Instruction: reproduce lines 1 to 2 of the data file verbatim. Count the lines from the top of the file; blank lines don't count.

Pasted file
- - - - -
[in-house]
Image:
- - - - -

[in-house]
Image: